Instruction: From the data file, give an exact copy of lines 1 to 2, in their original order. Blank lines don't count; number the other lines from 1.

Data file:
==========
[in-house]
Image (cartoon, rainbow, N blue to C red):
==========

[in-house]
Image (cartoon, rainbow, N blue to C red):